after all those years, yes time flies:) this album still rocks!!
As always…..order from me, I beat the price
The Rolling Stones 1971-2005 (Box Set
Release date: 01-06-2006 (originally released in 1976)
2006 issue UK 9-track LP pressed on 180 GRAM VINYL, -Eagles’ 5th album [originally released in 1976] was the one that turned them into soft rock superstars and wasalso the 1st album since founder member Bernie Leadon quit and was replaced by guitarist Joe Walsh; including their 2 smash hit singles ‘Hotel California’ & ‘Life In The Fast Lane’, presente in gatefold sleeve plus printed inner bag.
01. Hotel California
02. New Kid In Town
03. Life In The Fast Lane
04. Wasted Time
05. Wasted Time (2)
06. Victim Of Love
07. Pretty Maids All In A Row
08. Try And Love Again
09. Last Resort
Hotel California showcases both the best and worst tendencies of Los Angeles-situated rock, but more strikingly its lyrics present a convincing and unflattering portrait of the milieu itself. Don Henley, handling five of the eight vocal tracks, expresses well the weary disgust of a victim (or observer) of the region’s luxurious excess.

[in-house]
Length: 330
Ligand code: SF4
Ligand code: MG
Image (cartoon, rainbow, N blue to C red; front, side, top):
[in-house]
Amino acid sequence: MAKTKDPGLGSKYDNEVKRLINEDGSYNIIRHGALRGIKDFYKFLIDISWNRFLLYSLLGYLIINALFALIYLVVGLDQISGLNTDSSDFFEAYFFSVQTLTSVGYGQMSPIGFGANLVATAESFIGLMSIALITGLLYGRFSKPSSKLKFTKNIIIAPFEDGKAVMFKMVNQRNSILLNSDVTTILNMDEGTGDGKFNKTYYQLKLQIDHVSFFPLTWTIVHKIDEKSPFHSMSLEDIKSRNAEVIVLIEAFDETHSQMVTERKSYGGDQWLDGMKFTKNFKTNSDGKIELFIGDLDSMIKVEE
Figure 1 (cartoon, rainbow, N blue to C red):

Yet the record’s firm musical bases cannot be overlooked. Bernie Leadon departed and Joe Walsh arrived; the Eagles have abandoned most of their bluegrass and country & western claims in favor of a more overt rock stance. Walsh’s exact effect isn’t always obvious, but his record does have subtleties and edges that have sometimes eluded the group. The title cut, for example, incorporates a pinch of reggae so smoothly that it’s more felt than heard. “Life in the Fast Lane,” propelled by Walsh’s guitar and Glenn Frey’s clavinet, rocks like it really means it; “Victim of Love” works similarly, though at a slower tempo. Henley is superb on all three.
The frequent orchestration, however, doesn’t always fit. “Pretty Maids All in a Row” employs glistening, high-pitched string synthesizer to good effect, adding a reserved tension to the slowly paced arrangement; but the approach fails on “Wasted Time,” an overarranged wash embodying the worst of rock-cum-Hollywood sensibilities. What does work is the elegant fullness of “The Last Resort,” whose concluding words sum up Hotel California: “You call some place Paradise…kiss it goodbye.